What Does Oklahoma SB 1030 Mean for SQ 788 and Oklahoma Medical Marijuana?

Next month the Oklahoma legislation will meet and a Republican from Tuttle along with a few other lawmakers want changes to be made to SQ 788, which legalized Oklahoma medical marijuana in a statewide vote in June 2018. Sen. Lonnie Paxton was part of the bipartisan medical marijuana legislative working group tasked with recommending legislation regarding the state’s law.

Senate Bill 1030 would make some key changes to SQ 788. Paxton’s measure would include a few minor alterations and grammatical fixes along with a more significant change that in some eyes, cuts the very spirit of the law that Oklahoma voters support and approved.

“I think that’s a dangerous path on any initiative-led petition — to change what the people just said the year after they said it,” Echols said after reviewing Paxton’s bill. “Strong changes to 788, anything the people voted in, that’s not something I’m going to support.”

Here are the changes Paxton’s measure would do if it were to pass:

  • SQ 788 ensures that patients who have not yet obtained their state license but are found to possess less than 1.5 ounces of marijuana would face only a misdemeanor charge along with a $400 fine. SB 1030 would instead institute those penalties only for licensed patients who are not in possession of their state-issued card at the time of the law enforcement action. Those who have no patient card would be subject to the same criminal law’s that were in effect prior to the passing of SQ 788.
  • SQ 788 seals patients applications and ensures that no personal information is retained for the state’s digital records of patient licenses. SB 1030 would have the state retain all information from patient applications, but the records would remain sealed.
  • SB 1030 would allow municipalities to enact ordinances banning patients from smoking of vaping anywhere that’s not a private residence.
  • SQ 788 protects patients from being punished by employers, refused by schools and declined by landlords “unless failing to do so would imminently  cause (the employer, school or landlord) to lose a  monetary or licensing related benefit under federal law or regulations” SB 1030 would remove “imminently” instead saying “the potential” to lose money is enough to allow patient discrimination.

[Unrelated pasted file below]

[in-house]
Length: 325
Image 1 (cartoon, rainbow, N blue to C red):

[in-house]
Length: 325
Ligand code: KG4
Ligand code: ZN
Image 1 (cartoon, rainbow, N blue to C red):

• SB 1030 would add a classification of employees not protected as patients if they are in a “safety-sensitive position.” Those employees could be fired upon a positive test for marijuana or a determination that the employee holds a patient card.
  • SQ 788states that municipalities cannot change laws to prevent the opening of a retail marijuana establishment. SB 1030 would add language clarifying that clause but would establish that growers and processors may be prohibited by ordinance from opening within the limits of a city or county.
  • SQ788 states that medical marijuana establishments may not be located within 1,000 feet of a school entrance. SB 1030 would have that changed to include only dispensaries in the distance requirement.
  • SQ 788 established what’s been called a gross receipts tax of 7 percent on retail medical marijuana sales. SB 1030 would specifically call that a sales tax and a language to ensure that municipalities would be permitted to add additional local sales taxes on medical marijuana. (A lawsuit over the established tax structure is pending, as the Oklahoma Tax Commission is instructing retailers to only collect the 7 percent tax but also a 4.5 percent Oklahoma state sales tax.)

Echols said lawmakers will continue to look at legislation that would ensure the erosion of the black market for marijuana in Oklahoma.

“I think there are other things we can do that are consistent with the will of the people that will have a medical system compliant with what the people voted on but deal with issues like oversupply and targeting our black market,” he told the Tulsa World.

“We’ll do everything to help the legal market succeed and take steps to punish those who would try to continue on the black market.”

Garrett Law Group

Garrett Law Group assists its clients from start-up to exit, including entity formation and governance, financing, leasing and licensing. Beyond start-up, Garrett Law Group helps its clients understand and maintain full compliance with the complicated rules in this highly regulated industry. Garrett Law also helps clients in maintaining and expanding their businesses, including later stage financing employment agreements, vendor contracts, licensing agreements and any other transactional work required of a growing business. Garrett Law also has significant expertise in mergers and acquisitions, where the buying and selling of licensed businesses are complicated. Garrett Law will represent you as you navigate this new industry. Garrett Law Group’s attorneys keep abreast of not just cannabis legislation, but other legislation and court opinions that affect how business operates.

29 Jan, 2019
Brian Williams